I figured he had lived through so many things that as long as he stayed indoors and avoided getting hit by lightning he would come to my funeral in a decade or two. At the time I told close friends that it hadn’t really hit me yet. I would normally talk to him once a week for an hour or so.
library burned down
He still chews me out from time to time
a relationship goes on
Everyone Gets a Promotion
I called my father and told him, “we’ve reconsidered: you’re not just a good grandfather, you’re a great grandfather.” My stepdaughter Veronica and her husband Jeremy just had a new baby:
Austin Michael Pruitt
July 13, 2004 at 8pm
7lbs, 11 oz 19 inches
dark hair, big newborn eyes, very alert – ready to play with his uncles! And some related obligatory quotes:
People who say they sleep like a baby usually don’t have one.
Leo J. Burke
“A baby is God’s opinion that the world should go on”
“Advice is like snow; the softer it falls, the longer it dwells upon, and the deeper it sinks into the mind.”
Samuel Taylor Coleridge
From Jonah Goldberg’s newsletter add sub link
One Year Later
It was a year ago today that my brother died.
A couple weeks after the funeral, I wrote in the G-File:
Unique is a misunderstood word. Pedants like to say there’s no such thing as “very unique.” I don’t think that’s true. For instance, we say that each snowflake is unique. That’s true. No two snowflakes are alike. But that doesn’t mean that pretty much all snowflakes aren’t very similar. But, imagine if you found a snowflake that was ten feet in diameter and hot to the touch, I think it’d be fair to say it was very unique. Meanwhile, each normal snowflake has its own contours, its own one-in-a-billion-trillion characteristics, that will never be found again.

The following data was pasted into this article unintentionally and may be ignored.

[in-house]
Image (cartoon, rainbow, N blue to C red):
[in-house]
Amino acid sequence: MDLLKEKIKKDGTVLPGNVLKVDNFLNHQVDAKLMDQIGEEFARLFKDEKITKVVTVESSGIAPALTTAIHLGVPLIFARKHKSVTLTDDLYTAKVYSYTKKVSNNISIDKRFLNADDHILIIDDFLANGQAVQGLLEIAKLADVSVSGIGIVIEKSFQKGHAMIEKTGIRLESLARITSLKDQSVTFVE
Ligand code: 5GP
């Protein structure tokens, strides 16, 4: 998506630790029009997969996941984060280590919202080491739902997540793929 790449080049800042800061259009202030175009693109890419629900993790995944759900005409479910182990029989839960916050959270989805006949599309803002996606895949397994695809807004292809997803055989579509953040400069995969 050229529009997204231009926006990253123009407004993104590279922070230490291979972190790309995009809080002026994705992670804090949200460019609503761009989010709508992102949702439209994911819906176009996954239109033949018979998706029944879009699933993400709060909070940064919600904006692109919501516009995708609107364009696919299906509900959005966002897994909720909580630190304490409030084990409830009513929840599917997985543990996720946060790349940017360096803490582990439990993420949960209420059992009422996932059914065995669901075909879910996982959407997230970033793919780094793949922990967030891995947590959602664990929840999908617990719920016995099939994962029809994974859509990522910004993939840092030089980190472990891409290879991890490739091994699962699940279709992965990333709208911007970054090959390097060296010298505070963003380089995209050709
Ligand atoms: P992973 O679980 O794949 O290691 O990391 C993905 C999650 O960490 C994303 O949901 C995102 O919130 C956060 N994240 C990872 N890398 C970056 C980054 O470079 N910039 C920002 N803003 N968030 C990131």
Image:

Families are similarly unique. Each has its own cultural contours and configurations. The uniqueness might be hard to discern from the outside and it certainly might seem trivial to the casual observer. Just as one platoon of Marines might look like another to a civilian or one business might seem indistinguishable from the one next door. But, we all know the reality is different. Every meaningful institution has a culture all its own. Every family has its inside jokes, its peculiar way of doing things, its habits and mores developed around a specific shared experience.
One of the things that keeps slugging me in the face is the fact that the cultural memory of our little family has been dealt a terrible blow. Sure, my mom’s around, but sons have a different memory of family life than parents. And Josh’s recall for such things was always not only better than mine, but different than mine as well. I remembered things he’d forgotten and vice versa. In what seems like the blink of an eye, whole volumes of institutional memory have simply vanished. And that is a terribly lonely thought, that no amount of company and condolence can ease or erase.
Alas, that’s still true. I can feel so much of my life fading away like a photograph left too long in the sun, so many memories like a name forever on the tip of my tongue. Punch lines to stories are forgotten, making trying to remember the stories they hang on too painful to bother.